A confounding variable is an extraneous variable that is statistically related to (or correlated with) the independent variable. This means that as the independent variable changes, the confounding variable changes along with it. Failing to take a confounding variable into account can lead to a false conclusion that the dependent variables are in a causal relationship with the independent variable. Take, for example, a study that seeks to investigate the relationship between income levels and test scores. Without controlling for other variables, the study finds that higher income correlates with better test scores and concludes that the two must be directly related. This is a flawed conclusion because there are many lurking confounding variables that may influence this supposedly clear-cut relationship. For example, perhaps individuals at one school received better education than those at another school. Without controlling for the confounding variables of education level and quality of education, the relationship between income level and test scores cannot be assumed.
Before we begin discussing the specifics of data analysis, let’s pause for a moment to discuss the validity of a study and what it means. For the rest of this short course in research methods, we will be stopping to enumerate the various threats to validity that exist at each stage of the research process. We have already seen one: failure to properly operationalize the variables of interest can lead to the researcher drawing inappropriate conclusions about the research question. If, for example, the researcher had chosen to operationalize “economically productive” as “amount of money a person has in his or her savings,” the researcher would have observed an entirely different result. It is possible for people to have other sources of income (gifts, spouses, inheritances, etc.) that may affect this variable, meaning that it is not a good measure of what is intended to be measure and therefore is not a good example of operationalization. But what exactly is validity?
Generally speaking, validity refers to whether or not a study is well designed and provides results that are appropriate to generalize to the population of interest. There is a lot more to validity that we will further discuss in this course, and Trochim’s “Research Methods Knowledge Base” provides a succinct and useful summary of each of the kinds of validity.(1) There are three types of validity with which a researcher should be concerned.
Internal validity applies in studies that seek to establish a causal relationship between two variables, and it refers to the degree to which a study can make good inferences about this causal relationship. The essence of internal validity is whether or not a researcher can definitively state that the effects observed in the study were in fact due to the manipulation of the independent variable and not due to another factor. “Third variables” that the researcher may not consider or may not be able to control can affect the outcome of a study and can therefore prevent internal validity. A study is considered to be internally valid if the researcher can demonstrate that variable caused the observed effect.(2)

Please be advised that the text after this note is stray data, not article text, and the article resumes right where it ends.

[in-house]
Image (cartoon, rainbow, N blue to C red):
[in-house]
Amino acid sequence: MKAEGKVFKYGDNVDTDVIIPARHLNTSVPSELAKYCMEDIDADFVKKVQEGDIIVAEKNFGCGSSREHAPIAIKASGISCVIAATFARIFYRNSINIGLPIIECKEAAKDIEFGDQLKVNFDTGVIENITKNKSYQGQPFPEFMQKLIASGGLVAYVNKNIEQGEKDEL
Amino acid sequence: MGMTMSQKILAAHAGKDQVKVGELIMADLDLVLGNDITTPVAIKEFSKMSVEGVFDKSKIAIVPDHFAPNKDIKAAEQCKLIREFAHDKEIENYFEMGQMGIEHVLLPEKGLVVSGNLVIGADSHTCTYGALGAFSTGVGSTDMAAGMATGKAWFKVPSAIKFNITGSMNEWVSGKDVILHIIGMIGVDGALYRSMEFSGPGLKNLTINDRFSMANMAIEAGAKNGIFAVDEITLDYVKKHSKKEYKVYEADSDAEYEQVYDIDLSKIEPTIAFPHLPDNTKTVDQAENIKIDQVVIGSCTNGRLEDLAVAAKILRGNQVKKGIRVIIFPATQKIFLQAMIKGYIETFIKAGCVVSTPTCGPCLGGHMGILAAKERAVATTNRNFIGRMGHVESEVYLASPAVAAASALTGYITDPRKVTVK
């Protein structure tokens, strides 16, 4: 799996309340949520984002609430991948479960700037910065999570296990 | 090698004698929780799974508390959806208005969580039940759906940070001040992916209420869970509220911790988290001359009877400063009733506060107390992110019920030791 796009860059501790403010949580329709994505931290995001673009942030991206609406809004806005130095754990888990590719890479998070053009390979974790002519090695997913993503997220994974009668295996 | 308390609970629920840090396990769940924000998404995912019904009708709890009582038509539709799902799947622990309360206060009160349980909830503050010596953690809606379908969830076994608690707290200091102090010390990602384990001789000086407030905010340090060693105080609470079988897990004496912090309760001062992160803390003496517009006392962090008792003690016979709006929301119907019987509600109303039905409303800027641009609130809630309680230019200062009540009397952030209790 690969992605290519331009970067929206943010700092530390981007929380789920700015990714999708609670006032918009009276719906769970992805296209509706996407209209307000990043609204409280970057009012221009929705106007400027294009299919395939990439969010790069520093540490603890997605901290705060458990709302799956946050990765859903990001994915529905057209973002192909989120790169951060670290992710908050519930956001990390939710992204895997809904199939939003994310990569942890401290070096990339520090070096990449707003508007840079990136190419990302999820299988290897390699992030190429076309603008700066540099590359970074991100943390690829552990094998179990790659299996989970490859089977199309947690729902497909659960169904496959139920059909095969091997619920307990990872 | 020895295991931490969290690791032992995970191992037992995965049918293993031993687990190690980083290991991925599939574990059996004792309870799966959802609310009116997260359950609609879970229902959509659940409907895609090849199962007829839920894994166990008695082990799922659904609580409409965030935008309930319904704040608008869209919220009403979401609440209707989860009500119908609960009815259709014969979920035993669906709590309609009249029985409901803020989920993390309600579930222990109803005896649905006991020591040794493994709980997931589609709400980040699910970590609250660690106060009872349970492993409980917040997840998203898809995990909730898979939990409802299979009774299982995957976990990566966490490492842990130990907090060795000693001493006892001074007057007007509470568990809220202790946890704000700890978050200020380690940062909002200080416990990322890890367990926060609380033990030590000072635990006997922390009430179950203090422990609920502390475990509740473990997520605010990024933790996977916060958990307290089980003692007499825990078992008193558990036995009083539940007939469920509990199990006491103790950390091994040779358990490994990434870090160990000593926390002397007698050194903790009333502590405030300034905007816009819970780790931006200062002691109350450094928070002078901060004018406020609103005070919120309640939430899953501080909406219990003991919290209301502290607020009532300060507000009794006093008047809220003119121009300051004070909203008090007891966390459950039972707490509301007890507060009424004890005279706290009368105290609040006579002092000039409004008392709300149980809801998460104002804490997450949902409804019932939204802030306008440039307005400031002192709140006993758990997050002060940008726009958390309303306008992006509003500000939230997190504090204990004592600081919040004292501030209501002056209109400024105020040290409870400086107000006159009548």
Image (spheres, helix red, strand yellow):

Construct validity is closely related to the process of operationalizing which we discussed in Module 1. It refers to the extent to which a researcher can claim that accurate inferences can be made from the operationalized measures in a study for the theoretical constructs on which they were based. Construct validity is concerned with generalizing from the specificities of a study to the broader concept that the study attempts to measure or draws conclusions. A study is considered to have construct validity if the researcher can demonstrate that the variables of interest were properly operationalized.(3)
A researcher often cannot work with the entire population of interest, but instead must study a smaller sample of that population in order to draw conclusions about the larger group from which the sample is drawn. External validity is concerned with the extent to which the conclusions can be generalized to the broader population. A study is considered to be externally valid if the researcher’s conclusions can in fact be accurately generalized to the population at large.(4)
As a researcher, it is important to keep the concept of validity in mind at all times when designing a study. A good researcher will discuss the project design with an advisor or a group of colleagues to help ensure that validity is preserved at every stage of the process. A research project that lacks validity may draw conclusions that are inappropriate or even dangerous if applied to the target population.
For more information about how to ensure the validity of research, please review Research Validity.